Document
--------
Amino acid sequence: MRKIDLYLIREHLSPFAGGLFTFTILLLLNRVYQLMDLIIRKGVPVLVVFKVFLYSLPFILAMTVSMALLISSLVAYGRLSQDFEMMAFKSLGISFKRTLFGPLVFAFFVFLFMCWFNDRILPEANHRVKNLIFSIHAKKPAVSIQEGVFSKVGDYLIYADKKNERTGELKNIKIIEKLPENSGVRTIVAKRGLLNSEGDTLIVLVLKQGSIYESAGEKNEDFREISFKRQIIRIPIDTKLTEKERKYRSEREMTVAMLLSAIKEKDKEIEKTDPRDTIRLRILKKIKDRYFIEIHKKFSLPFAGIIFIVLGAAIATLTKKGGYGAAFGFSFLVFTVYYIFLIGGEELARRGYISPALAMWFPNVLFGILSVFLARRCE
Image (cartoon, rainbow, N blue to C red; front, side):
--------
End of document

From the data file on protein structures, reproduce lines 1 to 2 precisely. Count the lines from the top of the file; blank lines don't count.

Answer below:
Amino acid sequence: MRKIDLYLIREHLSPFAGGLFTFTILLLLNRVYQLMDLIIRKGVPVLVVFKVFLYSLPFILAMTVSMALLISSLVAYGRLSQDFEMMAFKSLGISFKRTLFGPLVFAFFVFLFMCWFNDRILPEANHRVKNLIFSIHAKKPAVSIQEGVFSKVGDYLIYADKKNERTGELKNIKIIEKLPENSGVRTIVAKRGLLNSEGDTLIVLVLKQGSIYESAGEKNEDFREISFKRQIIRIPIDTKLTEKERKYRSEREMTVAMLLSAIKEKDKEIEKTDPRDTIRLRILKKIKDRYFIEIHKKFSLPFAGIIFIVLGAAIATLTKKGGYGAAFGFSFLVFTVYYIFLIGGEELARRGYISPALAMWFPNVLFGILSVFLARRCE
Image (cartoon, rainbow, N blue to C red; front, side):